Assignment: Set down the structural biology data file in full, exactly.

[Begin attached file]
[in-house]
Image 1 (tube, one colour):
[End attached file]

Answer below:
[in-house]
Image 1 (tube, one colour):